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Four Sleep Problems Older Adults Face

Jan 07 2020

By Anita Ginsburg

Getting older brings a number of medical and biological adjustments for many older adults, including the need to deal with sleep issues. Older adults often struggle with getting to sleep or enjoying uninterrupted rest for several reasons. Here are a few of the most common problems and ways of addressing them. 

Medication

As we get older, it is fairly common to begin taking prescription drugs for blood pressure abnormalities, heart arrhythmias and chronic illnesses, like diabetes, high cholesterol or cancer. The medication you take may cause sleep disturbances that lead to reduced sleep or a poorer quality of sleep. If this happens, let your doctor know so that possible changes in medication type or dosage can be made along with considering other treatment options if possible.

Napping

A busy post-retirement social schedule, medication or sometimes boredom might cause some people to take frequent naps. A short nap of thirty minutes or so can be refreshing, but a longer one could interfere with night-time sleep. Aim for shorter naps to alleviate daytime drowsiness or fatigue, but reserve longer sleep periods for regular nightly rest. It may be helpful to nap in a favorite family room chair to keep naps shorter during the day while preserving the bedroom for prolonged sleeping at night.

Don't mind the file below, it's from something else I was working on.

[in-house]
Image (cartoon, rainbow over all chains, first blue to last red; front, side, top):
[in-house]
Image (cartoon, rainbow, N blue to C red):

Frequent Urination

Due to age, body changes or medication, some people may have to urinate more often, including getting up at night. This can disrupt a person’s quality of sleep and contribute to a feeling of being tired during the day. Drinking less at bedtime, urinating before sleeping and watching sodium intake with foods and beverages may help to reduce the frequency of bathroom visits during the night.

Change in Schedule

When people retire from full-time employment, their bodies may need some time to get used to a new lifestyle. Their sleep schedules can change to include naps or accommodate a spouse’s work schedule so that they experience less regular sleep. Disrupted sleep patterns may lead to more shallow sleep cycles, which can be worsened by frequent waking and sleeping patterns.

Various sleep disorders, like sleep apnea, can disrupt your sleep without you realizing. You’ll likely find yourself drowsy or tiring more quickly, which can cause you to require more naps or extra sleep at night. As sleep apnea is very common in older adults, it may be helpful to consult sleep apnea doctors to determine if sleep apnea is a contributing factor. If so, it can usually be effectively addressed to let you enjoy more restful sleep without frequent waking.

Getting older does not have to lead to disrupted sleep patterns. Address issues like these with a doctor to get regular, relaxing sleep at night.